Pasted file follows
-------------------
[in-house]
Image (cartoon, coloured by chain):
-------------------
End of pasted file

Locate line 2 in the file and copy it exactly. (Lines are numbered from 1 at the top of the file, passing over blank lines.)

Image (cartoon, coloured by chain):